Skip to main content
EmploymentHuman ResourcesRecruitment

The Economy Gets Fixed (Term)

By January 23, 20146 Comments

this week’s whiteboard is brought to you from the indignantly furrowed brow of Sean Walters while your regular blogger battles pesky leeches on the Central Coast bush walks of NSW…

The word round the camp fire is that 2014 has started with the recruiting gusto that every January has promised, yet failed to deliver, since I first sobbed into my cornflakes after the GFC of 2007. Market optimism is high, and both agency and internal teams are bullish in their expansion plans for the year.

For our internal recruitment clients, we’ve seen a massive increase in the desire for fixed-term recruitment contractors. It seems that although confident, a risk-averse corporate isn’t so confident that they’d actually offer a permanent job to someone. Heaven forbid that the existing team clear their 60 vacancies each backlog and find themselves over resourced! Hey, but at least they’re hiring. It certainly beats this time last year, where I resorted to busking on Queen Street with a horse mask just to pay the bills.

Yes, that was me…


When asked by a client to source a fixed-term contractor, being the by-the-numbers recruiter that I am, I always suggest that it may be worth funding the hire via an hourly rate option. I even cost it out something like this:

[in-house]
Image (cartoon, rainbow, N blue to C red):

“Dear Mr or Mrs Hiring Manager
3 month FTC paying $80k pro rata. ​Our fee: $xxx
​​​​​Contractor’s salary over 3 months: $xxx
​​​​​Total: $xxx
3 month hourly rate contractor:​​Hourly rate: $xxx
​​​​​Total: $xxx”

Erroneously I believe, the vast majority of my clients of late have opted for the FTC option.

Admittedly, the FTC “cost” is typically marginally lower that the hourly rate contractor total. However, do these figures show the real cost of hiring, and more to the point, the benefits of outsourcing the risk of hiring to the agency?

For a fixed-term hire, an already beleaguered HR department is asked to generate a contract, usually with no notice. Your new employee will then have have a notice period, you will have ACC levies to contend with, KiwiSaver to pay, and if your contractor turns out to be a dud, you still have to comply with the law and performance manage them out of your business. My recruiter brain couldn’t begin to put a value on all of this, so I’ll revert to type and just describe it as a chronic ball-ache.

The other option? We’ll payroll your contractor. We’ll manage the risk. They don’t work, you don’t pay. Contract generation? We’ll do that. Holiday pay? Not your problem. And here’s the kicker….once you’ve factored in the admin costs, and the time and distraction of actually employing someone, it actually costs your business less!

So who else is winning by recruiting a “temp”? Two people; the contractor, who is typically getting paid more, has more flexibility, and is closer to that dream of being truly self-employed. And also you, the Recruiter.